...That dominance of short-term thinking is regrettable, but might also be inevitable in this media-political era. And maybe there's also a good side to the mitigating climate show. That is certainly what environmental economist Jennifer Jacquet suggests in the fascinating book [What Should We Be Worried About?] 153 x caffeine for your mind. Lay In that bundle 153 great thinkers of that we really should be worried.
In her contribution Jacquet says that the heavy emphasis on the human responsibility in climate change leads to a kind of pessimistic lethargy. It is the paralyzing notion that no longer matter, because we are bound.Jacquet fears that a basis for a more effective climate policy is also slowed down by the fact that we let ourselves psychologically paralyze by too much doom posts. It is better to focus on concrete problems, susceptible, for which realistic solutions are conceivable. All will be well, so are the message (but not real).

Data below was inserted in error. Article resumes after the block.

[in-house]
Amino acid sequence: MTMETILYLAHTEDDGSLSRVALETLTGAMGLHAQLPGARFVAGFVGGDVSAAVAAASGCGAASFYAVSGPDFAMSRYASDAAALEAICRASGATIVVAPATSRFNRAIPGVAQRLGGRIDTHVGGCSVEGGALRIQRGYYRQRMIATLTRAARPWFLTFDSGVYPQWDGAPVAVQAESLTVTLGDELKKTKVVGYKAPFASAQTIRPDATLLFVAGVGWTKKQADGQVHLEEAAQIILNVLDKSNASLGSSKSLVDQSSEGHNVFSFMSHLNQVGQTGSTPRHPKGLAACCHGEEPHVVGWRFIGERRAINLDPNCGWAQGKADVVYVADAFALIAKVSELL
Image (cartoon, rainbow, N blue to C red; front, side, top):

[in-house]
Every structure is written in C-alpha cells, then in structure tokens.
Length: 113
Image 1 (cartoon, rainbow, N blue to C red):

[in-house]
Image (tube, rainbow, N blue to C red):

Jacquet's idea stimulates the mind. Certainlyit turns out that a number of other authors-thinkers come to the same conclusion. We make ourselves worry too much. That is their biggest concern. As Classicist James O'Donnell summarizes the " Your anxiety will in the end go away, because the problem will most likely go away; or perhaps your fear will come true and you'll be in a different place; or else you'll be dead. . . .